According to Hamel and Prahalad, in order to compete for the future one must, “(1) change the fundamental rules of engagement in the industry, (2) redraw the boundaries between industries, and/or (3) create entirely new industries.”[ii] Hamel and Prahalad state that one must understand is that “the short term and the long term are tightly intertwined,” and that the “future is now.” If artists are focused solely on their present endeavors and not thinking about their future (business wise), they will ultimately fail. Another thing Hamel and Prahalad state is that one must learn to forget the past. Artists must recognize that the days of the superstar, quadruple platinum selling artists are over. Until an artist can recognize that the environment no longer allows for that, they will fail to meet their goals.

Artist Insights

The transition from a strictly industrial information economy to a networked information economy has made it easier for new and independent artists to reach potential fans. Websites like sellaband.com, MySpace, YouTube, twitter, and facebook have enabled them to network with their current and potential fan base and achieve popularity. In order for an artist to earn a living five years from now he or she must be able to reach their fan base directly, change their content distribution strategies, follow trends and foresee future ones.

In recent years, it has become easier for artists to create, distribute and promote their music without large initial investments. The use of home audio recording equipment, digital distribution and social networking sites has made this possible. No longer does an artist need to be signed to a record label to be successful. An artist needs to have an understanding of their target market and know how to reach them effectively, through their web presence. Knowing how to properly navigate the myriad of internet music sites will help an artist to reach and grow their fan base. An artist must constantly find creative ways of interacting with fans on the various web platforms they utilize, keep up with growing platforms, and understand how consumers actually use them. If an artist can do these things, they will be successful in continually gaining recognition from potential consumers.

In order for an artist to earn a living 5 years from now, he or she must change their content distribution strategy. Historically artists have pursued the “romantic maximizer” strategy for producing and exploiting their content. This strategy has become increasingly less effective in recent years. Music consumers are no longer interested in strictly obtaining musical content (as demonstrated by the continual decrease in sales of recorded music).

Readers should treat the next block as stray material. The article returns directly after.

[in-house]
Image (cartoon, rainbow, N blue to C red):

With the transition to a networked information economy, information and ideas have become more free flowing than ever before in history. This shift has also made it increasingly difficult for artists to track the exchange of their music from person to person. If an artist seeks to have a long-term career in the music industry, they must adapt their content distribution strategy. Their strategy can no longer rely on charging potential consumers for the distribution of their work and attempting to stop potentially infringing activities. Their strategy must switch to a “scholarly lawyer” strategy. If an artist allows their recorded music to change hands at no cost, they are more likely to stimulate the demand for their other music goods (because more people have the ability to access it). The increased exposure that this encouraged sharing would generate would directly link to an increase in purchases of other music goods that the artist has to offer. Adapting this strategy would increase attendance at their live performances and would increase the demand for their music to be featured in television shows and in movies.

An artist must be able to follow trends and foresee (or create) new ones, in order to be successful in the future. If an artist acts solely as a follower, they will be at the mercy of innovators and will eventually lose sales and fans to them. If an artist is a trendsetter, then they won’t run the risk of losing consumers because they will continually be changing and adapting to consumer needs and desires. An artist must understand their current and future consumer base in order to successfully adapt for the future. If an artist starting out now wants to be successful 5 years from now, they must take steps away from what most other artists in the industry are doing (like focusing on the direct sales of music) and focus on what most other artists aren’t doing. They must recognize the shift away from recorded music and capitalize on the goodwill and promotion that they could get by giving their music away for free.


[i] The Wealth of Networks. 1 Feb. 2009. Yochai Benkler. 1 Feb. 2009. <http://cyber.law.harvard.edu/wealth_of_networks/Main_Page >.

[ii] Hamel, Gary & C.K. Prahalad. Competing for the Future. Boston: Harvard Business School Press, 1996.